Collaborative Research: Transient landscapes, temporally variable erosion rates, and the impact of glaciation and climate change on landscape morphodynamics.
James Spotila, Virginia Tech Lewis Owen, University of Cincinnati
Over the past two decades, geologists have determined that erosion and climate, processes that work at the Earth?s surface, directly influence plate tectonics and mountain building, processes linked to the dynamics of Earth?s interior (crust and upper mantle). One climatic variation that has enormous influence of the effectiveness of erosion is temperature, as represented by the vast difference between erosion by rivers (i.e. fluvial erosion) and glaciers. A profound global acceleration in erosion several million years ago has been ascribed in countless studies to the onset of global cooling and the expansion of glaciers. This has lead to the idea that glaciers are absolutely efficient agents of erosion, acting like buzz saws that can erode rock as fast as plate tectonics pushes up mountains. Yet when this is examined in detail, there are numerous observations that suggest the behavior is more complex. We have identified heavily glaciated mountain ranges in tectonically active areas that may be eroding very slowly. There are also glaciated mountain ranges that may have experienced rapid erosion, despite being dominated by frozen beds (normally linked to slow erosion) and a lack of tectonic uplift. These observations suggest that there may be complex conditions that operate as thresholds for the onset of the extremely rapid, efficient glacial erosion. To test this, we will quantify what factors act as thresholds that control the response of mountain erosion to glaciation, including the factors of rock uplift rate, precipitation, and tectonic relief. This will be accomplished by expanding the case knowledge of glacial erosion controls, by quantifying chronologies of erosion rate over a range of timescales and erosive depths in four very different mountainous regions that span a range of conditions, including the Chugach and Kenai Ranges in Alaska, northwest Scotland, and the Presidential Range of New England. In each location we will test whether erosion accelerated with the onset of a specific stage of glacial development, by measuring erosion rates using several methods of radiogenic helium thermochronology (million year timescale) and cosmogenic dating, optically stimulated luminescence, and sedimentary records (spanning ten thousand to a hundred years).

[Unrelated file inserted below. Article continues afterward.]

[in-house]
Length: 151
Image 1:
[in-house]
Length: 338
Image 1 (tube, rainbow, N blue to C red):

By contributing to our understanding of erosion, climate, and tectonics, we will in effect help satisfy an innate human curiosity for how the landscape around us formed. We will also enable a better, more predictive understanding for how glacial and alpine landscapes respond to climate change, which is of timely, practical importance. In parallel with our research, our educational and museum outreach program will serve to connect to both students and the general public, kindling curiosity for Earth processes while conveying an experience of how geoscience problems are framed and tested through experimentation.